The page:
Skip to comments.Mitt Romney and Newt Gingrich Agree: It's Okay for the Feds to Force Workers to Pay Tribute
Posted on 08/26/2011 1:54:26 PM PDT by Nachum
As reported in the Boston Globe and as seen in the New Hampshire debate video, both Mitt Romney and Newt Gingrich believe it is perfectly okay for the federal government to mandate that every private sector worker in the United States pay forced-dues to labor unions as a condition of getting or keeping a job. Attention Mr. Romney and Mr. Gingrich: Right To Work is not a states rights issue, it is a freedom issue. The Federal government should not mandate compulsory unionism.
It appears that Forced Unionism is a Big Government idea that Newt & Mitt embrace. In fact, it was the brain child of our Biggest Big Government president, before Obama. Franklin Roosevelts 1935 Wagoner Act used, for the first time, federal powers to force every working man and woman to pay a third party, Big Labor bosses, in order to get or keep a job. It was wrong then, and it is outrageous now. Why would Gingrich and Romney embrace it?
In 1947, the American public had become so exasperated with Big Labor abuses of power that Congress made a half-hearted effort to fix the problem and passed the Taft-Hartley Act over President Harry Trumans veto. (Trumans presidential campaign had been heavily financed by forced-union dues.)
(Excerpt) Read more at biggovernment.com ...
Mitt Romney and Newt Gingrich Agree: There’s no point in either of them trying to win over the conservative base so it makes more sense for both of them to try to win over middle of the road republicans, independents, and disaffected democrats.
Perry is just filling the vacuum that will disappear when Sarah declares.
Newt already knew he was out of the running.
Now it seems that Mitt has just thrown in the towel.
As smart as Newt is, he has to have taken leave of his senses to support something like that!
He has just proved he is a poor campaigner if that is true!
Let’s fix that... Like so many things, Mitt Romney and Newt Gingrich agree wholeheartedly with Obama... They are cut from the same big government cloth, only difference is that Obama has no clue how to get anything done, whereas Mitt and Newt are more than eager to give away the store and give us mother government.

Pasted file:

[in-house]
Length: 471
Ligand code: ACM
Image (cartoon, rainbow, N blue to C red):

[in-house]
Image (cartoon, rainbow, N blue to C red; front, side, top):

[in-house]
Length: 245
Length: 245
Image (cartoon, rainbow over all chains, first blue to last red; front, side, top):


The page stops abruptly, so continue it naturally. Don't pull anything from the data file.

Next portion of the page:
It is an individual freedom issue, indeed!
Sorry boys. It will be a cold day in hell before I “join” a union.
“Franklin Roosevelts 1935 Wagoner Act used, for the first time, federal powers to force every working man and woman to pay a third party, Big Labor bosses, in order to get or keep a job. It was wrong then, and it is outrageous now.”
Actually, that was the Wagner Act, not the Wagoner Act, and it was Wagner’s, obviously, not FDR’s. I know, I know, president’s have to sign something for it to become law. But I think it’s important to clarify that Congress is primarily responsible for law, not the executive. Though in this case FDR had a chokehold on the legislature, it may not be to our liking to blame conservative presidents for their liberal Congresses.
That being said, I’m not overly familiar with the Wagner Act itself, but I do know that the “right” to collective bargaining wasn’t originally what we’ve taken it now to mean. All it really meant was that employers couldn’t stop employees from joining unions if they wanted to, which by the way was already the case before the law passed. No one was sneaking into potential union member’s bedrooms in the middle of the night to beat people with sticks until they agreed to stay company men anymore. Perhaps it meant businesses couldn’t make it a condition of employment to sign a pledge not to join a union anymore. Again, I don’t know all that much about it.
What I do know is that the idea wasn’t what Big Labor and lefties everywhere wanted it to be, i.e. so long as an entity—often entirely controlled from the outside—got a bare majority to sign a piece of paper the bosses had to deal with them and only them. Employers still should have been free to contract with minority unions, including company unions, and individuals. Heck, they could, and still can in my opinion, always tell everyone to go to hell and get off their property and start over with new employees. But the unions’ freedom to blockade, beseige, trespass, and inflict all manner of violence limits this.
It was left to the courts to interpret the right to bargain collectively with a right to a closed shop, and woe befell our nation.
That said, as a Constitutional conservataive, I don't see where in the Constitution that the Congress would be given the right to pass such a law. Labor relations within a state are none of the Federal government's business. In his answer in the clip, Newt was exactly right.